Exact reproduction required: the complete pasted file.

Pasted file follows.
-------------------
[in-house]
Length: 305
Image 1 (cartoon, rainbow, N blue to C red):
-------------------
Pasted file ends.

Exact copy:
[in-house]
Length: 305
Image 1 (cartoon, rainbow, N blue to C red):